1454 Analysis and Predictability of an Extreme Precipitation Event in Northeastern Vietnam in 2015 Associated with a Tropical–Extratropical Interaction

Wednesday, 25 January 2017
Roderick van der Linden, University of Cologne, Köln, Germany; and A. H. Fink, J. G. Pinto, and T. Phan-Van

A record-breaking rainfall event occurred in northeastern Vietnam between 1200 UTC 25 July 2015 and 1200 UTC 03 August 2015. The coastal region in the Quang Ninh province was severely hit, with station rainfall sums of approximately 1000 to 1500 mm. The heavy rainfall led to flooding and landslides, which resulted in damage to infrastructures and loss of lives. Moreover, it impacted a major coal mining and the famous Ha Long Bay tourist area.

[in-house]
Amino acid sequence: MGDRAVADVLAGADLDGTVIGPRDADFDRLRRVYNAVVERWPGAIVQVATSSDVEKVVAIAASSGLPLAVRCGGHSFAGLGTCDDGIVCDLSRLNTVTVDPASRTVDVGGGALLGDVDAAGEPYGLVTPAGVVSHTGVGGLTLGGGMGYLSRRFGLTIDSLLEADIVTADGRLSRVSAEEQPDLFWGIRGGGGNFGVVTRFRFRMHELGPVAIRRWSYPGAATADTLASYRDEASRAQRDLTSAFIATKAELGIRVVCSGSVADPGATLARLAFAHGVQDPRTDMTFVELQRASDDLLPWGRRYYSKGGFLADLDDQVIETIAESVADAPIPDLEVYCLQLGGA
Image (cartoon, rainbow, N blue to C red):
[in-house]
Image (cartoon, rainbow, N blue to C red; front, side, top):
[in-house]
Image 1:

Using a multitude of data sources, the synoptic-dynamic development and predictability of the event is investigated in detail for the four-day period 1200 UTC 25 July 2015 to 1200 UTC 29 July 2015 during which the major portion of the rainfall was observed. A slowly moving upper-level subtropical trough and the associated surface low in the northern Gulf of Tonkin promoted steady moisture convergence and long-lasting convection over northeastern Vietnam. The humidity stemmed from a moisture transport band emanating from an unseasonal tropical storm in the Bay of Bengal. Analyses of the ECWMF ensemble forecasts clearly showed a sudden emergence of predictability of the extreme event at lead times of three days that was associated with the correct forecasts of the intensity and location of the subtropical trough in the 51 ensemble members. Thus, the Quang Ninh event is a good example in which predictability of tropical convection arises from large-scale synoptic forcing; in the present case it was due to a tropical–extratropical interaction that has not been documented before for the region and season.

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